Friday, April 18, 2008

Los Angeles Culinary Scene : an introduction

This is the city ... Los Angeles, California. Mind you, it’s been said that Los Angeles is not a city: it’s thirty-four suburbs put together. Either way, the Los Angeles area is huge! The island of Manhattan in New York City has a land area that covers 23 sq. miles, slightly more than the cities of Santa Monica and Beverly Hills combined. Contrastly, the city of Los Angeles covers an area of 469 sq. miles, and that doesn’t include the rest of the County of Los Angeles, whose land mass covers over 4000 sq. miles.

The County of Los Angeles has 88 incorporated cities. Here is a partial list of these cities within the County of Los Angeles:

AlhambraArcadiaAzusaBeverly HillsBurbankComptonCulver City

DuarteGardena Glendale Glendora Huntington ParkLancaster

Long BeachMonroviaMontebello Monterey Park • Palmdale Pasadena

RosemeadSan GabrielSanta MonicaSouth Pasadena Torrance

West Hollywood • Whittier

And here are some communities and geographical designations within the incorporated city of Los Angeles:

Atwater VillageBoyle Heights • Downtown Los Angeles • Eagle Rock •

East Los Angeles Echo Park Hancock ParkHighland ParkHollywood

Koreatown • Little Armenia • Little Tokyo • Los Feliz • Reseda • Silverlake •

South Central • Thai Town • Van Nuys Venice • West Los Angeles •

West Valley • Westwood

And I haven’t even include Orange County, Ventura County, Riverside County, and the other counties that make up the area known as Southern California. At this point, you’re wondering why I’m giving this geography lesson when this is supposed to be a food blog. Good question. Let me paint this scenario:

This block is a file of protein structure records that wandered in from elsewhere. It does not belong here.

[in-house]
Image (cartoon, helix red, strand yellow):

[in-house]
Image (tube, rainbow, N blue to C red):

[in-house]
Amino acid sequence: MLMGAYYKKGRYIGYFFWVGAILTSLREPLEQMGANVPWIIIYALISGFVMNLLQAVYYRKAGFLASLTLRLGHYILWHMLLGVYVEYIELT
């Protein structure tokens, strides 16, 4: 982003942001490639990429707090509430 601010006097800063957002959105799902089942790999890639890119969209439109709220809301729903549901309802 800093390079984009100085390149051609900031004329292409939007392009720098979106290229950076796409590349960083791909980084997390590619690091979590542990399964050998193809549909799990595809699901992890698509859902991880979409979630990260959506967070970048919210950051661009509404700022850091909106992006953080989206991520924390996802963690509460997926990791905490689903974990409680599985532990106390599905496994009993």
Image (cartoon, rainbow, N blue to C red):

Someone from outside the LA area writes a post on a food discussion website and asks, “I’m coming to LA next week. Please recommend me a really great restaurant. Thanks!” And if you notice, people living in LA will probably ask that person some pointed geographical and travel questions, like “Where in LA will you be staying? Will you have a car? If so, how far do you want to travel? What time of the day will you be driving?”

Folks, the Los Angeles area is HUGE!! Geography plays a significant factor in deciding where to go to eat. I know people who live in Santa Monica who think that driving to Beverly Hills for dinner is too far, never mind driving to downtown LA or to San Gabriel Valley. We’re not New York (i.e., Manhattan) or even San Francisco, where many of the restaurants are close together, relatively speaking. Mind you, LA does have some wonderful local, neighborhood restaurants. It just depends what neighborhood you’re in.

I hope this introduction, albeit geographical, helps you to understand the vastness of the Los Angeles area and its culinary scene.